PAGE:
Putting Prevention into Practice
An Evidence-Based Approach
Screening for Illicit Drug Use
Am Fam Physician. 2009 Sep 15;80(6):629-630.
An 18-year-old woman visits your office for routine prenatal care. She is in the first trimester of pregnancy and has had no notable medical problems. The physical examination is normal, and she expresses no concerns.
Case Study Questions
Which one of the following actions is most consistent with the U.S. Preventive Services Task Force (USPSTF) recommendation on screening for illicit drug use?
A. Perform a urine drug screen.
B. Administer a validated, standardized questionnaire for illicit drug use.
C. Draw blood for toxicology.
D. Remain alert for signs and symptoms of illicit drug use, but do not screen with standardized questionnaires, blood tests, or urine tests.
E. Ask the patient if she uses illicit drugs, because there is good evidence that treating identified patients improves social and legal outcomes.
Which one of the following statements about screening for illicit drug use is correct?
A. Interventions to reduce illicit drug use have been shown to improve long-term health outcomes.
B. Validated screening questionnaires are clinically useful in primary care settings.
C. The USPSTF found little evidence of harms associated with screening for illicit drug use.
D. The benefits of screening for illicit drug use outweigh the potential harms.
E. Blood or urine tests can distinguish between persons who use illicit drugs occasionally and those who are functionally impaired from drug use.
Which of the following statements about illicit drug use in the United States is/are correct?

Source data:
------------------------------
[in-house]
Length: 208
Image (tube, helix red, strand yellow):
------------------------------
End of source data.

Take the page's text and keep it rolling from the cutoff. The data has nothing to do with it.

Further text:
A. Marijuana is the most commonly used illicit drug.
B. The rate of illicit drug use is highest in patients 18 to 20 years of age.
C. The benefits of screening for illicit drug use in pregnant women are well established.
D. There is insufficient evidence of the effectiveness of treating illicit drug use in persons identified by screening.
1. The correct answer is D. Physicians should be alert to signs and symptoms of illicit drug use in patients; however, blood and urine tests are not recommended. Toxicology of blood or urine can provide objective evidence of drug use, but such tests do not distinguish between persons who use illicit drugs occasionally and those who are impaired by drug use.
Although certain screening questionnaires have demonstrated validity in detecting illicit drug use in adolescent and adult populations with a higher prevalence of drug use or misuse (i.e., treatment-seeking populations), the accuracy of these tests in the general population (which has a predictably lower prevalence of drug use or misuse) is unknown.
Reducing or stopping drug misuse is associated with improvement in some health outcomes. However, there is insufficient evidence to demonstrate that treatment reliably improves social or legal outcomes for patients.
2. The correct answer is C. The USPSTF found little evidence of harms associated with screening for illicit drug use. However, failure to protect the confidentiality of positive results could potentially affect a patient's employment, insurance coverage, or personal relationships.
Although certain behavioral interventions, such as brief motivational counseling for marijuana misuse, have been proven effective in reducing illicit drug use in the short term, the longer-term effects of treatment on morbidity and mortality have not been adequately evaluated.